Cobleskill considers weed stores


By Patsy Nicosia

Weed in Cobleskill?
Supervisor Leo McAllister wants to hear what you think.
It’s a decision the Town of Cobleskill will have to make before the end of the year, Mr. McAllister said—or the state will make it for them.
The Village of Cobleskill has already decided it will likely allow retail sale of cannabis, but not pot lounges, Mayor Becky Terk said.
And though the village is the likeliest place for storefront dispensaries, Mr. McAllister said the town also needs to decide whether to opt out of the state law that allows them.
No action means they’ll be allowed—though subject to regulations similar to those governing the sale of cigarettes and alcohol when it comes to locations near schools and churches.
“I don’t think this is a decision five people should make on their own,” Mr. McAllister said, referring to himself and the four town councilmen.
“It’s critical we hear what the community thinks
Whether to allow retail weed dispensaries will be the topic of a public hearing at the town’s Monday, November 8 meeting, 7pm at the Cobleskill Firehouse.
Mr. McAllister likened the discussion to when a casino was proposed for Howe Caverns back in 2014.
A public hearing on that generated hundreds of comments, he said, most of them positive because of the jobs and revenue the family-focused casino—which the state in the end awarded to Schenectady—would have meant.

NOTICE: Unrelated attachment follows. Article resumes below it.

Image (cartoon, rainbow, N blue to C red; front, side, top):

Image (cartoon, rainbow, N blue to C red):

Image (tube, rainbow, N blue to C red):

Municipalities stand to make some money off retail cannabis sales: a three percent tax from sales.
“That’s the other side,” said Mr. McAllister, who expects allowing the retail sales to be controversial.
“Do we want to give up the revenue?”
The state legalized recreational use of marijuana by those 21 and older in March and is still working out the details.
Counties can’t prohibit dispensaries, but cities, towns, and village can; no one can prohibit the growing of pot—though that likely won’t be legal until 2023.
It will all be managed by the newly-established Office of Cannabis Management.
Councilman Werner Hample—the only candidate for Mr. McAllister’s seat when he retires at the end of the year—agreed the idea of dispensaries is controversial.
“But since it’s legal, this gives us an opportunity to hear from the public,” he said.
“It’s important that folks come out and let us know what they think.”